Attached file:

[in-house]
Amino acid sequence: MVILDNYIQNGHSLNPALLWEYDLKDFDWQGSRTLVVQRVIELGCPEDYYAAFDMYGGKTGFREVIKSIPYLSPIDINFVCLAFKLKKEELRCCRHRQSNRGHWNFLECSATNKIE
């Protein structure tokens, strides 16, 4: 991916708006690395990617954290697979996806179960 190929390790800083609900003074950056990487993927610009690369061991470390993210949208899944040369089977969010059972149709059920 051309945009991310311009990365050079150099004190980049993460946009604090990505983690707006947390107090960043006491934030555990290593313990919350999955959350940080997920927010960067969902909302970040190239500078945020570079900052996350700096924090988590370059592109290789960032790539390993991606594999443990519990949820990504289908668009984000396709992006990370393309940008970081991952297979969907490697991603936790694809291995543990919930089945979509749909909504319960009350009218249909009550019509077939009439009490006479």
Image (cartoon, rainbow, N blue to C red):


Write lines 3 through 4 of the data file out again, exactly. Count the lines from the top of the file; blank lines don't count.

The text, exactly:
């Protein structure tokens, strides 16, 4: 991916708006690395990617954290697979996806179960 190929390790800083609900003074950056990487993927610009690369061991470390993210949208899944040369089977969010059972149709059920 051309945009991310311009990365050079150099004190980049993460946009604090990505983690707006947390107090960043006491934030555990290593313990919350999955959350940080997920927010960067969902909302970040190239500078945020570079900052996350700096924090988590370059592109290789960032790539390993991606594999443990519990949820990504289908668009984000396709992006990370393309940008970081991952297979969907490697991603936790694809291995543990919930089945979509749909909504319960009350009218249909009550019509077939009439009490006479």
Image (cartoon, rainbow, N blue to C red):